Water, Water, Water

There is an existing well on the property purchased, but some 300’ away from the build site. Originally, we were going to trench a new line from the well to the utility building, but that was abandoned due to the condition of the well. The well is 420’ deep with a pump at 200’ and recharge rate of 3 gallons per minute, adequate enough to support two dwellings. However, it was constructed over 30 years ago at a time when health regulations were different. It is a mere 50’ from the septic system that was used on this portion of the property. The well itself had not been operational for over 9 months. Once it was powered up, the water was tested. Filters could be installed to adjust the pH, taste. But there was presence of total coliform bacteria. This could be handled by UV light, but would reduce if not negate the effectiveness of the other filters required. The cover was removed, and a vacated nest was found probably used by one of the many chipmunks living on this part of the property. The well was cleaned and shocked. A retest still showed the presence of total coliform bacteria. A second shock was performed but a retest still showed the presence of total coliform bacteria. An evaluation of cost of finding and removing the source of the bacteria entering the well together with the 300’ of trench lead us to conclude for both cost and safety reasons, a new well should be dug for Patient Chickadee. A check with neighbors in the area indicated none had presence of total coliform bacteria in their well water. So maybe it was a function of being too close to the septic system or a crack in the well casing due to aging. In any event, the decision was made to drill a new well.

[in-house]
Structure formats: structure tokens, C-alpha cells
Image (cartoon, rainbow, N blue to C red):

Drilling the new well was an adventure! An access way first had to be cut through the tree growth to allow the well digger truck to reach the designated spot for the new well. Once in position drilling started. At about the 200’ mark, water came gushing out of the well. The experienced well digger advised this was ledger water above the granite he was about to penetrate and probably not potable. Digging continued throughout the rest of the day to the 500’ level. After evaluating the recovery rate, the decision was made to go a further 100’. That was completed the next day and then the well sat over 3 days before testing. The well was producing at a recovery of 3 gal minute. Given the depth and placement of the pump, it was estimated that after regular use, the fissures would open more and we should attain a recovery rate of 5 gal/minute, similar to that of our neighbors. Water quality testing will be completed in the spring once the well is permanently powered.